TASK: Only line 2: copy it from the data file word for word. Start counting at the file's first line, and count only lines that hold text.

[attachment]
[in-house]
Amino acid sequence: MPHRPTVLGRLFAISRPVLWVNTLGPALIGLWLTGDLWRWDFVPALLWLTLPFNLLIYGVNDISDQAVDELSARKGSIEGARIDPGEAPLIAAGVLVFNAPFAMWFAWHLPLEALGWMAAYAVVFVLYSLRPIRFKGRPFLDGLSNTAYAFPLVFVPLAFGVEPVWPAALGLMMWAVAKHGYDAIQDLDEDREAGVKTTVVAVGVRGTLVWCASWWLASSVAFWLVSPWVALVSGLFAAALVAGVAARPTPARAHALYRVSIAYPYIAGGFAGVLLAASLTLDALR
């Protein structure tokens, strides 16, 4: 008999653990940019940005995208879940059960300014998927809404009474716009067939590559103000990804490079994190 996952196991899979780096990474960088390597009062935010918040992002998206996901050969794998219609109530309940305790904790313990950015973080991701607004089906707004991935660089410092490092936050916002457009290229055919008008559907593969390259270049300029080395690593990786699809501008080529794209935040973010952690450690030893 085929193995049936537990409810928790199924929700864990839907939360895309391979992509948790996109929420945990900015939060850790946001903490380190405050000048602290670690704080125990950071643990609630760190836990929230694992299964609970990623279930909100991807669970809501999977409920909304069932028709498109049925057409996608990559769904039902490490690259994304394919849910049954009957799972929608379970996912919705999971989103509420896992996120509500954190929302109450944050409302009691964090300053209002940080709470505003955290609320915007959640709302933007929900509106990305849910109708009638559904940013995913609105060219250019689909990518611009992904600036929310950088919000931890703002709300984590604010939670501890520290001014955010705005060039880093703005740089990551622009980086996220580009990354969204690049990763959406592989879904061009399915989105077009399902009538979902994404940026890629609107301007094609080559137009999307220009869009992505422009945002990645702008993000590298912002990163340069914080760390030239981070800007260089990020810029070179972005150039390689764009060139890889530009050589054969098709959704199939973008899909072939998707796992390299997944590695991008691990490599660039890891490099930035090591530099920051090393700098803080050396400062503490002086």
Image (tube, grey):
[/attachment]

Amino acid sequence: MPHRPTVLGRLFAISRPVLWVNTLGPALIGLWLTGDLWRWDFVPALLWLTLPFNLLIYGVNDISDQAVDELSARKGSIEGARIDPGEAPLIAAGVLVFNAPFAMWFAWHLPLEALGWMAAYAVVFVLYSLRPIRFKGRPFLDGLSNTAYAFPLVFVPLAFGVEPVWPAALGLMMWAVAKHGYDAIQDLDEDREAGVKTTVVAVGVRGTLVWCASWWLASSVAFWLVSPWVALVSGLFAAALVAGVAARPTPARAHALYRVSIAYPYIAGGFAGVLLAASLTLDALR